Monday, April 26, 2010

Food in Season

One of my favorite things about the spring and summer time is the vast range of fresh food, right out of the garden (or from the farmer's market for those of you who are in the season I was a few years ago.) I love finding the just-right
and ready-to-pick item to make for dinner. Early asparagus, and radishes in the spring, to the early summer presents like beets and carrots. I often eat my finds right in the garden, with just a brush off on my jeans- oh the goodness of knowing exactly where my food came from and that it is without a doubt completely chemical-free.

Now, no matter how much I like garden-fresh veggies, at some point I want them cooked and on my dinner plate. As with most things, simple is best when it comes to cooking this prime produce. Repeat after me: less is more. Try some of the following:

  1. Steamed, with a bit of butter and fresh pepper- try white if you can find it as it's a bit lighter in taste.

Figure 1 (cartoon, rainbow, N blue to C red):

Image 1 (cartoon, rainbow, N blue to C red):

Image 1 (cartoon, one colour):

2. Roasted- works well for roots like carrots and beets but is also delicious with asparagus- with salt and good olive oil.
  3. Steamed and served with fresh herbs- I love thyme and chives.
  4. Raw in a salad- other cultures often add in such odd veggies as raw asparagus- and don't forget the beet greens themselves!

Cooking seasonally, whether from your garden or a local farm, will mean the freshest and most flavorful food. As an added benefit, it often also means the most frugal- food in season is almost always cheaper. If you get your food from the farmer's market (or straight from the farm) you have no choice but to follow the flow of the natural food production. Unlike buying asparagus in November from the mega-mart, this asparagus hasn't travelled 250 miles over six- ten days. Local food is better for the environment, and for you- less time off the farm means better vitamin retention and need I mention the better taste?

For a great resource on cooking food in season, check out Your Organic Kitchen. This book is organized into sub-seasons like early spring and midsummer, and features delicious and simple recipes based on produce and meat as it is naturally available. It even includes desserts!

I am happy to share this post at Homemaker Mondays.

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